Game People adds short stories to its stock of unconventional game reviews

Game People, a recently-expanded website, has been publishing niche game reviews for the past three years. Very niche. Among the site's reviewers are a 'tired' critic, a 'soulful' critic, a haiku-writing critic, a song-writing critic, and now Chris Jarvis, who reviews games with short stories.

"I write stories to say what I think about games, for me it's the best way to express my reaction. Do you ever have a response to something that's hard to put into words? For a long time stories have helped people to understand intangible ideas. I find that a piece of fiction can give an insight into a game that a regular review can't do in the same way," says Jarvis.

"Often when we criticise games, films or stories we focus on technical areas: control, visuals, atmosphere, pacing and characters. I find that my personal responses aren't always defined by the sum of a games parts and I don't believe yours are, either."

A few of Jarvis' recent "Videogame Review Novels," as the site calls them, include Pokemon Black/White, Epic Mickey, and Costume Quest. New short stories are published every Monday as both text and audio recordings.

"It was raining in the city. Raining hard, like the skies were trying to wash the memories from the buildings, the walls, the train yards and the sidewalks," begins Jarvis' Epic Mickey review. Unfortunately, the audio version isn't narrated by Max Payne.

Some of the site's columnists serve more practical niches - a mother, a teenager, a multiplayer fan, a sports fan - while others, like Jarvis, are focused on specific experiments with the form.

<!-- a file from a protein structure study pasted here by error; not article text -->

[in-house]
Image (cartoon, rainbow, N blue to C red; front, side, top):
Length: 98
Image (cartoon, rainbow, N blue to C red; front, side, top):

It's funny to me that game reviews, of all things, are so often the subjects of experimentation. From Yahtzee to Jarvis, reviewing games in any manner other than the established norm seems to be unusually popular. Maybe gamers are just extra-creative? Or maybe something about the medium - its uniqueness, perhaps - draws us to unconventional forms of expression?

What do you make of game reviews like Jarvis'? Do you find them valuable? Should I review Max Payne 3 from the perspective of Mickey Mouse? Please say yes.

Mar 7, 2011


  • 4fromK - March 11, 2011 7:03 a.m.

    @pheonix; from my impression of the pokemon review, the author puts his criticism subtly (and sometimes not so subtly) into the narrative. ie "With today's technology, the recordings of these fights also look better than ever and it won't be surprising if many aspiring trainers are attracted by the bright lights, clean images and fast nature of the world which they will be entering." (the graphics are good) "As Sergeant Oak pointed out, previous generations of trainers seemed to have more varied activities on which to spend their time." and "If anything this generation is one of the most focused purely on catching, training and fighting." (not as much stuff to do on the side, more focus on main mechanics of battling and collection) a very interesting way of doing things, to say the least (you are right in that it comes off as fan fiction; but it is particularly well written fan fiction)
  • Ovenman - March 8, 2011 3:49 p.m.

    Or maybe gamers have short attention spans. Reminds me of a story, once while in the Austr- OOH A PENNY
  • strictlybeats - March 8, 2011 11:43 a.m.

    The bit I like the most about gamepeople is that each game usually ends up with all of these niche reviewers adding their review. Eventually, you find that kindred spirit to follow and confer with.
  • Robx - March 8, 2011 10:55 a.m.

    @Security77 If they jelly, I doubt they'd say it's a 'cool' method and link us to it... Unless they are using the word "niche" with the hispanoamerican meaning, which tends to confuse me in some of their other articles lol
  • dphoenix192 - March 8, 2011 6:46 a.m.

    It's an interesting read, but is it really a review? Its more of a novelization or Fan-Fiction.
  • Security77 - March 8, 2011 2:59 a.m.

    U jelly, GamesRadar?

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